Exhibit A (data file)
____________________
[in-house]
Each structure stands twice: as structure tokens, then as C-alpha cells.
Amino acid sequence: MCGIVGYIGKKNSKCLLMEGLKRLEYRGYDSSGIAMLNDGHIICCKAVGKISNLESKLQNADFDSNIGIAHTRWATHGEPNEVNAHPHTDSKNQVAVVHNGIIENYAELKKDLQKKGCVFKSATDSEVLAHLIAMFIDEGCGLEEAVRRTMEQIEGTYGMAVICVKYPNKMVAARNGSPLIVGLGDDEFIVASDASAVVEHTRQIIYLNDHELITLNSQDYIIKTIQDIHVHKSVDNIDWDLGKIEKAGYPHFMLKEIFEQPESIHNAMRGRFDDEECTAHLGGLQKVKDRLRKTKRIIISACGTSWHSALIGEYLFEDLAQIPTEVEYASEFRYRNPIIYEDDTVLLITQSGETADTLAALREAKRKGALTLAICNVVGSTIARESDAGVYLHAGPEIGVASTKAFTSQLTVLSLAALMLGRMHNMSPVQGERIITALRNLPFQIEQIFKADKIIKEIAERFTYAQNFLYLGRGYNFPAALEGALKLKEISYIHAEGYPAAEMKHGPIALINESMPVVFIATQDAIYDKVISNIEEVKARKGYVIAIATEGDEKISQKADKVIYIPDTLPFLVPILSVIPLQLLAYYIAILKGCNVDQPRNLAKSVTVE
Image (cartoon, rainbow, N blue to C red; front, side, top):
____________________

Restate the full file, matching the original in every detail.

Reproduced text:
[in-house]
Each structure stands twice: as structure tokens, then as C-alpha cells.
Amino acid sequence: MCGIVGYIGKKNSKCLLMEGLKRLEYRGYDSSGIAMLNDGHIICCKAVGKISNLESKLQNADFDSNIGIAHTRWATHGEPNEVNAHPHTDSKNQVAVVHNGIIENYAELKKDLQKKGCVFKSATDSEVLAHLIAMFIDEGCGLEEAVRRTMEQIEGTYGMAVICVKYPNKMVAARNGSPLIVGLGDDEFIVASDASAVVEHTRQIIYLNDHELITLNSQDYIIKTIQDIHVHKSVDNIDWDLGKIEKAGYPHFMLKEIFEQPESIHNAMRGRFDDEECTAHLGGLQKVKDRLRKTKRIIISACGTSWHSALIGEYLFEDLAQIPTEVEYASEFRYRNPIIYEDDTVLLITQSGETADTLAALREAKRKGALTLAICNVVGSTIARESDAGVYLHAGPEIGVASTKAFTSQLTVLSLAALMLGRMHNMSPVQGERIITALRNLPFQIEQIFKADKIIKEIAERFTYAQNFLYLGRGYNFPAALEGALKLKEISYIHAEGYPAAEMKHGPIALINESMPVVFIATQDAIYDKVISNIEEVKARKGYVIAIATEGDEKISQKADKVIYIPDTLPFLVPILSVIPLQLLAYYIAILKGCNVDQPRNLAKSVTVE
Image (cartoon, rainbow, N blue to C red; front, side, top):